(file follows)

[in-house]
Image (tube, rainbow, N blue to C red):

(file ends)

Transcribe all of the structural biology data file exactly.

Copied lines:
[in-house]
Image (tube, rainbow, N blue to C red):